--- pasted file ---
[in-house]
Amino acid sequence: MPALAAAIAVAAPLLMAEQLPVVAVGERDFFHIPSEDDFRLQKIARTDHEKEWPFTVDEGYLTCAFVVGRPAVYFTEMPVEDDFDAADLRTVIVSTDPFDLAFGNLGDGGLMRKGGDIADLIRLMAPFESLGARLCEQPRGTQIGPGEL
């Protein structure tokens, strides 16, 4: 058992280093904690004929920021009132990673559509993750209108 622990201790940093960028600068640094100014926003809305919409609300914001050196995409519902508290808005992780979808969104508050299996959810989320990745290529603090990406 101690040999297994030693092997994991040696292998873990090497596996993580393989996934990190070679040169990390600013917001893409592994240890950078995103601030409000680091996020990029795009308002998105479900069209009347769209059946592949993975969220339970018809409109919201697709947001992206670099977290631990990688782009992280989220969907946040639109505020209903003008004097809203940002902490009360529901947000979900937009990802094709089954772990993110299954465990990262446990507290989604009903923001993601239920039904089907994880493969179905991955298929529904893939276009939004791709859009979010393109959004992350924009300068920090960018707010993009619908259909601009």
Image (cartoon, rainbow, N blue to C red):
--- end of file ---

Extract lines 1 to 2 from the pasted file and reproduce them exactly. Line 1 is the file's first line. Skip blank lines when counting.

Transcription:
[in-house]
Amino acid sequence: MPALAAAIAVAAPLLMAEQLPVVAVGERDFFHIPSEDDFRLQKIARTDHEKEWPFTVDEGYLTCAFVVGRPAVYFTEMPVEDDFDAADLRTVIVSTDPFDLAFGNLGDGGLMRKGGDIADLIRLMAPFESLGARLCEQPRGTQIGPGEL